I am not a professional, “so take this with a grain of salt”, but perhaps this alternate play along approach might help whether you use ta ka, tu ku, ti ki, or da ga:

https://youtu.be/leX8i5qucbc
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Jerry
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PostPosted: Thu Mar 26, 2020 5:36 am    Post subject: Reply with quote

My teacher assigned me double tonguing exercises from Arban's when I was in 8th grade. (I started playing trumpet in 7th grade.) I wasn't getting it until he eventually changed his approach with me drastically.

He essentially had me do what trumpetteacher1 describes above. Within a very short time I was double and triple tonguing fine.
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jdleggett
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PostPosted: Fri Apr 10, 2020 5:04 pm    Post subject: Reply with quote

[quote="JayKosta"]
Legitbrass wrote:
... had me say, "Gotta' get a gal" several times. ...

-----------------------------
Good one. New for me.
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MrClean
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PostPosted: Tue Apr 14, 2020 9:19 am    Post subject: Reply with quote

Don't forget the air. Everyone focuses on the tongue, which is going to get very bogged down unless there is firm air support (firm, not loud) for the tongue to bounce off of. The tongue just interrupts the air stream as it dips in, and then is knocked back out of the way by the air. It does not need to be short - think linear. Aim for the last note in the phrase.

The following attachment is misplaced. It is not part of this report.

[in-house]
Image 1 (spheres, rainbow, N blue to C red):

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musicman1951
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PostPosted: Thu Apr 16, 2020 3:23 am    Post subject: Reply with quote

Most of my students find the Du-Gu (Vizzuti) style easier at the start. Most important to keep the air going and keep the syllables near the front of the mouth (i.e., with a French accent).

I show them all the choices, including anchored, and let them select the one they find easiest.
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tptptp
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PostPosted: Thu Apr 16, 2020 7:28 am    Post subject: Reply with quote

MrClean wrote:
Don't forget the air. Everyone focuses on the tongue, which is going to get very bogged down unless there is firm air support (firm, not loud) for the tongue to bounce off of. The tongue just interrupts the air stream as it dips in, and then is knocked back out of the way by the air. It does not need to be short - think linear. Aim for the last note in the phrase.


Thanks for pointing this out. I’ve been emphasizing this with him quite a bit.
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tptptp
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PostPosted: Thu Apr 16, 2020 7:31 am    Post subject: Reply with quote

musicman1951 wrote:
Most of my students find the Du-Gu (Vizzuti) style easier at the start. Most important to keep the air going and keep the syllables near the front of the mouth (i.e., with a French accent).

I show them all the choices, including anchored, and let them select the one they find easiest.


Yes. I’ve gone through several syllable choices with him. He is showing some improvement. It’s just been a lot harder for him than it was for me 55 years ago! I guess I was lucky.